A few months ago I came across a book titled “Millinery: 1920s Hat Making Techniques” by Jane Loewen, an instructor in millinery at the University of Chicago.
No doubt, I had been searching for something like “how to make a cloche.”
Intrigued that there was a millinery text that had been used at the University of Chicago, I ordered it.
It soon arrived and took its rightful place on my nightstand among a stack of books that could best be described as “things I meant to read yesterday.” Each book has something in it that I consider an urgent matter, but life being what it is, urgent matters that cannot be contained in books often take precedence over those that can.
So for the most part, my copy of this book lives a quiet existence, waiting for the things that seem more pressing to recede in their importance, but every now and then I am able to pick it up and read a page or two, and I am occasionally able to indulge in the luxury of an entire chapter.
One thing that is immediately apparent — even with the most cursory of perusals — is that a basic knowledge of geometry is important for a milliner, but the thing that was of the most interest to me was a construction technique that employed a long strip of horsehair.
Know that I would be using a strip of foundation double crochet instead of horsehair, I decided to forego trying to make a wire frame, and instead, bought myself this styrofoam assistant at a nearby Sally Beauty Supply that was along my route to other places:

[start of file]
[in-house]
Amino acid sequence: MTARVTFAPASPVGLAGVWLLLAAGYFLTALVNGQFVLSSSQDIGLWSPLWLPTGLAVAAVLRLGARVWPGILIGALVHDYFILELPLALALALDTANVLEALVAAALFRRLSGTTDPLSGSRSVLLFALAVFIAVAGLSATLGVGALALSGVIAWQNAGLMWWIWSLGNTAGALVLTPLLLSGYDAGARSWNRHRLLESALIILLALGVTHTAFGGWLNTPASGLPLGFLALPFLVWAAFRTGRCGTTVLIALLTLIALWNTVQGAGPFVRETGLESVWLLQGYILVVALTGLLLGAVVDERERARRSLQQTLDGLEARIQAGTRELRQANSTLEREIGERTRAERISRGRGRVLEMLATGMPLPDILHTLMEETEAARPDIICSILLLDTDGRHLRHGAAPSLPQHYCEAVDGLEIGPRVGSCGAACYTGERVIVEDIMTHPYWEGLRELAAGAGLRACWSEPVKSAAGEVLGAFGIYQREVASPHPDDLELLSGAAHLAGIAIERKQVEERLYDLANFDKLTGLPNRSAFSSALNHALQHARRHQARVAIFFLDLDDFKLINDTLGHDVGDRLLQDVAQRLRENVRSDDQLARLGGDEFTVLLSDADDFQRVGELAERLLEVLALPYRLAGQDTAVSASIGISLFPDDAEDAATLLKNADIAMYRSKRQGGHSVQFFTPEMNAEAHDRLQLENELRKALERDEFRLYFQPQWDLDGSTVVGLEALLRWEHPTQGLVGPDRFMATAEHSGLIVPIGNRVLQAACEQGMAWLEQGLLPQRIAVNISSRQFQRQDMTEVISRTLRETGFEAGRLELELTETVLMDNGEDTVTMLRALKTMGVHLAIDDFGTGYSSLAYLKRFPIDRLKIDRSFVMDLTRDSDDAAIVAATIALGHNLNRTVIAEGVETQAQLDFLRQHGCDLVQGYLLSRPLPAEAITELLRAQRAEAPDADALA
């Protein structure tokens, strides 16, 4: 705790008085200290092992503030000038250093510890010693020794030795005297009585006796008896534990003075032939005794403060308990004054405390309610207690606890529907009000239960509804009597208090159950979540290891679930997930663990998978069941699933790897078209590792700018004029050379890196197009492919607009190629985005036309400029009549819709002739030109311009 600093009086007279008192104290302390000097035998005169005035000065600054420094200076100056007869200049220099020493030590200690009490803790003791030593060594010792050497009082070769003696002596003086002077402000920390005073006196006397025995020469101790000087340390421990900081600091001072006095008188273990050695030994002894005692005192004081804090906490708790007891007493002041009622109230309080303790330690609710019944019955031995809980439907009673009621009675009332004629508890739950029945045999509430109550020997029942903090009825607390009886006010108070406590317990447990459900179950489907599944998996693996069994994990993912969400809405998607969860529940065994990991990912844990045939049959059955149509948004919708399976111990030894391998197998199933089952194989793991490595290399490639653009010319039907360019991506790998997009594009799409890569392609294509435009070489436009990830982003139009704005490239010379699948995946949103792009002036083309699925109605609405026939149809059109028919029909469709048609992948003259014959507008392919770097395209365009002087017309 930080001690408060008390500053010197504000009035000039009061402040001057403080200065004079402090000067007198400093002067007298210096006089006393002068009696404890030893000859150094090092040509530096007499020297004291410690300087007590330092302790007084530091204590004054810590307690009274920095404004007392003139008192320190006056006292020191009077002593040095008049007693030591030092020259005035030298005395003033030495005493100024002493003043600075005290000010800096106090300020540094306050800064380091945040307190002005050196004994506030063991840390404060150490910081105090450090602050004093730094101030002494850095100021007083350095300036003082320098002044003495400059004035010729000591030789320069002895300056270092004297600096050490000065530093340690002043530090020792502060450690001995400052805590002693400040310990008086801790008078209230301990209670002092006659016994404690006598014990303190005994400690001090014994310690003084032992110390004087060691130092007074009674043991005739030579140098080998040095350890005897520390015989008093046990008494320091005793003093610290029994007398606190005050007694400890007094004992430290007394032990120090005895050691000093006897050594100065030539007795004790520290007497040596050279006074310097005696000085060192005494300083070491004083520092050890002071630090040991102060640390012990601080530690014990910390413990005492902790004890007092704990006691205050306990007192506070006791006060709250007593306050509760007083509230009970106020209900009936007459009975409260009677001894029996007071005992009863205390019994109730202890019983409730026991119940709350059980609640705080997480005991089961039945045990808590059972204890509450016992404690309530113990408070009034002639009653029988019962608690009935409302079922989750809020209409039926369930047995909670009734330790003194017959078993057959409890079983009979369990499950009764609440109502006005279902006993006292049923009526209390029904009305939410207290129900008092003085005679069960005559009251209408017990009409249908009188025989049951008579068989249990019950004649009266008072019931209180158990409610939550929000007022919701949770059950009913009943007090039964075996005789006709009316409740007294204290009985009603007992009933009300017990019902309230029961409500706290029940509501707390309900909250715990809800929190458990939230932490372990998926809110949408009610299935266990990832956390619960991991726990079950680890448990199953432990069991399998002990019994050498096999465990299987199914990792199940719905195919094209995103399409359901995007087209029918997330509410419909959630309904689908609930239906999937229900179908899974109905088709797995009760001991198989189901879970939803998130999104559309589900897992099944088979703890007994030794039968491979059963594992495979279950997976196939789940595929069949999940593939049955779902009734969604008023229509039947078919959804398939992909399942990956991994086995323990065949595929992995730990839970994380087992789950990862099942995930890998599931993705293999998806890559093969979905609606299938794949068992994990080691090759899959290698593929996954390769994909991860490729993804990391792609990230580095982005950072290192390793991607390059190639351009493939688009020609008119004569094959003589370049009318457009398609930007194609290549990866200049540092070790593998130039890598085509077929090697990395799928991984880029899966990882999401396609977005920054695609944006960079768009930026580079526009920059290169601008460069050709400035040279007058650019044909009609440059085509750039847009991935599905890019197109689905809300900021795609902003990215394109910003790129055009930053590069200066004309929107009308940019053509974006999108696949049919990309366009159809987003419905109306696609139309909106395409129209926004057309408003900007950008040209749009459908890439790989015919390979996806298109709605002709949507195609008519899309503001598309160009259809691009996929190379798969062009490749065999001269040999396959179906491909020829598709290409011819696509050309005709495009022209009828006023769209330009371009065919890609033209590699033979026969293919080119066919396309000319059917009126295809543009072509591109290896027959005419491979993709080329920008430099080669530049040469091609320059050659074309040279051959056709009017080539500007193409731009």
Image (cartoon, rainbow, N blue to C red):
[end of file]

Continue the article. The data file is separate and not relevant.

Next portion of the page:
The head looked very small to me, so I measured it to be sure that it was a reasonable size for a grown woman, and it turned out to be 21″, so I continued to crochet the foundation double crochet until it was what I hoped was long enough to execute my idea:
I started by pinning the end to a place on my styrofoam assistant that looked like a spot just in back of the center, making sure that the less curved side (in this case the bottom of the chain) faced inward:
and I continued laying the strip of crochet and pinning it in place as I went. It turned out that while I had crocheted a rather long strip, it still wasn’t quite long enough:
But nonetheless less, I was pleased with my progress, and while there is still work to be done (and undone and then redone), the effect created by using this construction technique is one that I like:
There is still a lot I need to figure out, how, for example, to join the long seam of the project, but this is definitely a technique I am looking forward to exploring further.